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Containers, Serverless and Functions in a nutshell


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Presentation from OracleCode Boston 2018

Published in: Software
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Containers, Serverless and Functions in a nutshell

  1. 1. Containers, Serverless and Functions in a nutshell Eugene Fedorenko
  2. 2. About me Eugene Fedorenko Senior Architect Flexagon @fisbudo
  3. 3. Agenda •Containers •Microservices •Docker •Kubernetes •Container Native Development Platform •Serverless •Functions
  4. 4. Start
  5. 5. The Idea. DEV TEST PROD
  6. 6. The Idea. Virtual Machine
  7. 7. Container •A lightweight, stand-alone, executable package of a piece of software that includes everything needed to run it: code, runtime, system tools, system libraries, settings. •Containers share the host operating system rather than the hardware directly •Way more lightweight than a VM •Docker is the most popular implementation
  8. 8. Multilayered Application
  9. 9. Microservices and Containers Loans Deposits Forex
  10. 10. Microservices • An architecture pattern decomposing vertically a monolith system into loosely coupled subsystems (microservices). Nothing more. The pattern doesn't dictate how it should be done technically. • Just to highlight it: Microservices and Containers are not the same and totally independent. You can use Docker with a monolith app, and you can have several micro- services without using Docker at all.
  11. 11. Architecture patterns. Evolution •Monolith – distributed horizontally on Prem/Cloud/Hybrid – containerized horizontally •Microservices – distributed vertically and horizontally on Prem/Cloud/Hybrid – containerized vertically and horizontally
  12. 12. Players (some of them) Cloud Native Computing Foundation Player Cloud Container oriented service Serverless Project Oracle Oracle Cloud • Oracle Container Cloud Service • Oracle Container Native Application Development Platform Fn Amazon AWS • Elastic Container Service (ECS) • Elastic Container Service for Kubernetes (EKS) AWS Lambda Microsoft AZURE • Azure Container Service (AKS) Azure Functions Google Google Cloud • Google Kubernetes Engine (GKE) Google Cloud Functions
  13. 13. Open Source Platforms and Projects • Docker – Container manager – Docker Hub – Docker Cloud • Kubernetes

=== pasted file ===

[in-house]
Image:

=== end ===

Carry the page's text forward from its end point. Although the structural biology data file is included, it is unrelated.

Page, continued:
14. 14. Docker Container Manager
  15. 15. Docker vs VM
  16. 16. Docker Hub •Cloud based registry – Public (free) – Private •Centralized resource for container images – Repositories – Automated Builds (based on Dockerfile) •Docker CLI provides access to Docker Hub – docker search, pull, login, push
  17. 17. Docker Cloud •Built on top of Docker Hub •Builds, Tests and Deploys Images •Manages Infrastructure – Serves as a facade – Backed up by AWS, Azure, Digital Ocean, SoftLayer, Packet •Operated with docker-cloud CLI – API (Rest, Go, Python)
  18. 18. Agenda •Containers •Microservices •Docker •Kubernetes •Container Native Development Platform •Serverless •Functions
  19. 19. Kubernetes • Open Source platform (Google born) • Orchestration engine for Ops • A level of abstraction hiding the complexity of a hybrid environment (prem/cloud) • Configuration properties • Load balancing • Scalability • Security • Visibility
  20. 20. Kubernetes Architecture • Cluster. Set of physical or VMs. Masters and workers. • Node. Worker. Minion. A physical or virtual machine. Docker is installed on it. • Kubelet. Internal service running on each worker node and managed by a master node. Makes sure that everything works according to configuration files.
  21. 21. Kubernetes Architecture • Kubectl. Kubernetes CLI. • REST API. • Dashboard.
  22. 22. Kubernetes Architecture • Pod. Logical set of containers. A smallest deployable and scalable unit • Replica set. Defines how many instances of a pod should be alive
  23. 23. Kubernetes Architecture • Service. Logical set of pods with a stable ip/access rules and name. Has a lightweight internal load balancer. • Internal, External
  24. 24. Container Native Application Development Platform
  25. 25. Oracle Cloud Infrastructure
  26. 26. Container Native Application Development Platform
  27. 27. FlexDeploy Pipeline
  28. 28. • Location – Prem -> Cloud -> Hybrid • Platform – Host -> VM -> Container • Distribution – Client -> Client/Sever -> 3-tier -> multi tier • Composition – Program + Platform -> Container • Tendency – decompose into small, independent, self-running pieces-of-work distributed across the globe Architecture patterns. Evolution
  29. 29. • Functionality – Data driven -> Process Oriented Process Oriented Architecture